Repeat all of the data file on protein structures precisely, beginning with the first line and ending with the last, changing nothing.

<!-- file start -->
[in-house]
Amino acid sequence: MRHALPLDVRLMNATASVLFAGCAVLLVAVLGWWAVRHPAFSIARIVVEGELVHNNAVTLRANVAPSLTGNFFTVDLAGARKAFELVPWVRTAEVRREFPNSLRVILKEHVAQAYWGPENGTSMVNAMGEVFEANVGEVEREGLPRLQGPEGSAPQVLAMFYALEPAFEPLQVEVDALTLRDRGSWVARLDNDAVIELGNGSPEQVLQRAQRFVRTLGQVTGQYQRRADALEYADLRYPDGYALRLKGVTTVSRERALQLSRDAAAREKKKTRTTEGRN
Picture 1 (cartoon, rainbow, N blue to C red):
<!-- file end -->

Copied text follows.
[in-house]
Amino acid sequence: MRHALPLDVRLMNATASVLFAGCAVLLVAVLGWWAVRHPAFSIARIVVEGELVHNNAVTLRANVAPSLTGNFFTVDLAGARKAFELVPWVRTAEVRREFPNSLRVILKEHVAQAYWGPENGTSMVNAMGEVFEANVGEVEREGLPRLQGPEGSAPQVLAMFYALEPAFEPLQVEVDALTLRDRGSWVARLDNDAVIELGNGSPEQVLQRAQRFVRTLGQVTGQYQRRADALEYADLRYPDGYALRLKGVTTVSRERALQLSRDAAAREKKKTRTTEGRN
Picture 1 (cartoon, rainbow, N blue to C red):